Infrasonic hearing in birds review

I’ve recently led a review paper on the subject of infrasonic hearing in birds, which is now published in Biological Reviews. The paper surveys the studies that have assessed infrasonic hearing in birds and presents various potential underlying anatomical and physiological traits that could be involved. In this post, I’ll summarize what I think are some of the interesting highlights from the review.

In terrestrial animals, hearing tests that go down to frequencies below 20 Hz (infrasound) are actually not all that common. However, the studies that we have available to date have demonstrated that a handful of mammals and birds can hear infrasound. Among bird species, infrasound sensitivity varies quite a bit. The rock dove and some birds in the order Galliformes (chicken, guinea fowl, and likely peafowl) are quite sensitive, while other birds such as budgerigar and mallard duck are quite insensitive. The infrasound sensitivity in the former group is in a similar range as those of mammals with excellent low frequency hearing abilities (elephants and black-tailed prairie dog).

Rock dove, a bird known to detect infrasound (CC0 public domain image).

In nature, many of the sources of infrasound come from geophysical sources (e.g., colliding ocean waves, surf, earthquakes). One technical challenge that arises when interpreting the responses of freely behaving birds to natural infrasound sources is distinguishing a bird’s responses to infrasound from its responses to other concurrent non-acoustic fluctuations in atmospheric pressure. The non-acoustic pressure fluctuations (e.g., wind) can occur in the same frequency bands as infrasound, be of even greater magnitude than the infrasound, and can stimulate the ear. Laboratory tests are therefore an essential key to verify what birds can detect at infrasonic frequencies. We reviewed the different audiometry methods that have been used. Some of the more common methods have involved playback with subwoofers and training birds to recognize a sound, or presenting the sound through air volumes sealed over the eardrum and measuring neural responses.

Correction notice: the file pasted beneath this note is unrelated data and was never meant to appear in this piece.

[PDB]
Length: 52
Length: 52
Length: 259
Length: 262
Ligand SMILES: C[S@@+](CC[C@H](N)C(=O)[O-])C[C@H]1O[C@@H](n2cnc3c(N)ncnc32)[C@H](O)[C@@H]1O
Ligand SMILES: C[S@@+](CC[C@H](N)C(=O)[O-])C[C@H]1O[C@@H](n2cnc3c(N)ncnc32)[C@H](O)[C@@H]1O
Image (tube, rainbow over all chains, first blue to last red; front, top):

Budgerigar, a bird with poor sensitivity to infrasound (CC0 public domain image).

Which auditory mechanisms would promote the hearing of airborne infrasound? In general, the tympanic middle ear [i.e an eardrum and ear ossicle(s)] is quite important for detecting airborne sounds. Without the tympanic middle ear, hearing sensitivity to airborne sound is reduced significantly because a large portion of the sound reflects off the body surface. Therefore, having a middle ear that is very responsive at low frequencies is one major way that some birds could improve low-frequency hearing sensitivity. From theoretical work and studies in mammals, we know that this could be achieved by lowering the stiffness of the middle ear. This could be done by having larger cranial air cavities behind the eardrum and flexible ligaments attached to the ear ossicles. Large eardrums, which could resonate at lower frequencies, would also be beneficial (consider, for example, the ostrich, which has high middle ear vibrations at low frequencies).